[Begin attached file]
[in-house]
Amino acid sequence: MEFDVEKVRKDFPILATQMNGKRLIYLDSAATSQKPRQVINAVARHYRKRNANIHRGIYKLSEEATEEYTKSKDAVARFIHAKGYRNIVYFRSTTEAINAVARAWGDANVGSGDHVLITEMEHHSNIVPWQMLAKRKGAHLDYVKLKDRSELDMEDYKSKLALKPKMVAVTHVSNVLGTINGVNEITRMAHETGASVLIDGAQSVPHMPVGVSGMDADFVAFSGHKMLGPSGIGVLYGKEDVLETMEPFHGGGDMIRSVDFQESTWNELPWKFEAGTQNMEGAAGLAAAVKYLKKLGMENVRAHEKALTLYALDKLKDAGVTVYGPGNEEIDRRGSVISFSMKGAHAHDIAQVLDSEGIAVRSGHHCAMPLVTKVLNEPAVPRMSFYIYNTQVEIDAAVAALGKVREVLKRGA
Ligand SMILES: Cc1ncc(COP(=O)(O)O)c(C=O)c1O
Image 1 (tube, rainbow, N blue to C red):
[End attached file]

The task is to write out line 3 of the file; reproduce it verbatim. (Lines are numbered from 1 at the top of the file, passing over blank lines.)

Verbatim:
Ligand SMILES: Cc1ncc(COP(=O)(O)O)c(C=O)c1O